By Bruce Shearer
CAST OF CHARACTERS
Bob Dylan, musical legend and survivor
Fan, A music lover who may or may not be a journalist
The play is set in a backstage corridor.
A fan or journalist meets Bob Dylan in a backstage corridor and asks him a few questions.
BOB DYLAN IS WALKING DOWN A BACKSTAGE CORRIDOR WHEN A FIGURE STEPS OUT OF THE SHADOWS AND SPEAKS TO HIM.
Fan: What was it about Donovan that so upset you, Bob?
(BOB STOPS AND ALMOST STEPS BACK.)
Bob: Who are you?
Fan: I’m a fan.
Bob: Not from Rolling Stone?
Fan: We’re all rolling stones, Bob.
(BOB ROLLS HIS EYES)
Bob: Speak for yourself lady/mister.
Fan: I don’t mind trying, but I though that was your job.
Bob: A popular misconception.
(BOB AND THE FAN JUST LOOK AT ONE ANOTHER IN SILENCE UNTIL BOB FINALLY SPEAKS.)
Bob: You’re not from the press?
Fan: Not from anywhere.
Bob: That’s an interesting place.
Fan: You should know.
Bob: I do know.
Fan: Tell me about it.
Bob: I might sometime.
Fan: And Donovan?
Bob: Mr. Mellow Yellow.
Fan: The same.
(BOB PAUSES AND THINKS FOR A MOMENT.)
Bob: He irritated me at the time.
Fan: His success, or his modesty?
Bob: It was something.
(THE FAN CHUCKLES.)
Fan: He wasn’t for you. You always went with the best.
Bob: How do you mean?
Fan: The best voice, Joan Baez. The best guitarist, Paul Butterfield. The best band, The Band. The most poignant folk story, Woody Guthrie.
You always touched the top!
(BOB TAKES A STEP AND IS READY TO MOVE PAST.)
Bob: That’s how you see it.
Fan: An unerring sense of the musical gods and the ability to suck them dry.
(BOB STOPS AND POINTS A FINGER AT THE FAN AS HE SNAPS IN ANGER.)
Bob: You’ve got a problem.
(THE FAN SOFTENS HIS/HER VOICE IN A MORE CONCILIATORY TONE.)
Fan: Did I say there was a problem?
Bob: That’s how it sounds to me.
(THE FAN PATS BOB ON THE SHOULDER.)
Fan: Performing for the masses at the Martin Luther King rally, a duet album with Johnny Cash to capture country, and then headliner with The Travelling Wilburys, a constellation of stars with a jewel in the middle.
Bob: Things happen.
Fan: Not to other people.
(BOB LOOKS DOWN AT HIS FEET.)
Bob: It’s just where I was standing.
Fan: That’s right, Bob.
(BOB MOTIONS WITH HIS HAND FOR THE FAN TO PAUSE.)
Bob: Is this a lecture? Your own little worldview out on show?
Fan: Might be. Thought I’d see what you thought.
Bob: This is not how I see it!
Fan: It doesn’t actually matter how you see it, Bob.
(THE FAN SMILES.)
It never did.
Bob: You need your own audience.
Fan: I’ve got one?
(BOB PUTS HIS HEAD BACK AND LAUGHS AT THIS.)
Bob: I’m just a performer who’s lived through some times.
Fan: With that special ability to touch the zenith and then let go, oh so gently.
(BOB ANSWERS WITH A SUSPICIOUS TONE.)
Bob: You do sound like a journalist.
Fan: What if I was just a lover of music?
Bob: What if you were?
Fan: Just offering some feedback.
Bob: I didn’t ask.
Fan: It’s bigger than that, Bob.
Bob: Is it?
(THE FAN BRUSHES BACK HIS/HER HAIR AND SOFTLY SIGHS.)
Fan: You couldn’t just let folk fade quietly. You had to piss all over the ones that loved you best!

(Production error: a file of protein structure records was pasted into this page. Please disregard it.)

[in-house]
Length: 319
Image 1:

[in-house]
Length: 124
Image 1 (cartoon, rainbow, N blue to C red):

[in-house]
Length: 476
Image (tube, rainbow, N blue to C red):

(BOB REDDENS WITH ANGER.)
Bob: They had it coming!
Fan: Did they?
Bob: Bogged down, full of crap, afraid of change.
Fan: What about you, Bob?
Bob: What about me?
Fan: What scares you?
(BOB IS ABOUT TO SPEAK OFF THE TOP OF HIS HEAD, BUT THEN PAUSES FOR A MOMENT TO CONSIDER.)
Bob: Too many questions expecting to be answered.
Too much pondering on the past.
Way too much celebrity blocking out the music.
(THE FAN IS SURPRISED.)
Fan: Wait on, wait on. It has worked out.
Bob: Has it?
(THE FAN CHUCKLES.)
Fan: You’re the living legend. The ghost that sings.
Bob: I just picked up my cards.
Fan: You knew how to play them.
Bob: No, I got lucky.
Fan: What about all that hard work.
(BOB TALKS WITH PAIN IN HIS VOICE.)
Bob: There are hard working wrecks all over the road.
Fan: Back in the day they used to say . . .
Bob: Enlighten me brother/sister. What did they say . . .?
Fan: You had the spirit shining out of you.
(BOB PAUSES TO CONSIDER THIS AND THEN RESPONDS SOFTLY.)
Bob: Where is it now?
Fan: Only you know.
What’s the secret, Bob?
Bob: That’s easy, friend.
(BOB HUSHES HIS VOICE CONSPIRATORIALLY AND LEANS FORWARD.)
Bob: The secret is . . .
There is no secret!
(BOB AND THE FAN BOTH LAUGH.)
I have to change.
(BOB HOLDS OUT HIS HANDS.)
That’s your issue.
Fan: So it is.
You playing tonight?
Bob: I play every night.
Fan: Is that how you relax?
Bob: I don’t relax.
(BOB SMILES AND TURNS TO LEAVE.)
I have to go
(THE FAN HOLDS UP A HAND FOR BOB TO PAUSE.)
Fan: One more thing.
Bob: Just one?
Fan: Where are the crossroads?
Bob: They’re all over the place.
(BOB SPEAKS QUICKLY AND SHIVERS.)
But don’t go there at midnight!
Fan: Isn’t that the time?
Bob: No, it’s too cold.
Fan: Do we all reach our own crossroads, Bob?
Do you still see them out of the crack of the window in the black limousine?
Bob: I don’t answer difficult questions, I just pose them.
Fan: It must be lonely.
Bob: It is.
(THE FAN REACHES OUT AND TAKES BOB’S HAND.)
Fan: It just doesn’t quite add up.
Bob: It never does.
(THE FAN SPEAKS SOFTLY.)
Fan: I guess this is off the record.
Bob: You take it and use it any way you can.
Fan: Just like you did, Bob.
Bob: Just like I did?
Fan: It’s a hard way.
But it’s the only way.
Fan: Good luck tonight
Bob: I thank you.
Fan: But you don’t need it.
Bob: I don’t?
Fan: No, you had a lot of things going, good fortune included, mostly talent and daring, but definitely nothing like that.
Bob: You might be right.
Fan: I might be.
Bob: Fare thee well.
Fan: You always had the words, old new and reinvented.
Bob: I have to go.
(FAN HOLDS BOB’S ELBOW FOR A MOMENT.)
Fan: Can you explain it, Bob?
Bob: Explain it?
(THERE IS A LONG PAUSE WHILE BOB AND THE FAN LOOK AT ONE ANOTHER.)
Fan: You know what I mean.
Bob: Only in a song!
(BOB WALKS AWAY AND THEN LIGHTS GO DOWN.)
Bruce Shearer is a Melbourne writer of poems, plays and short -stories.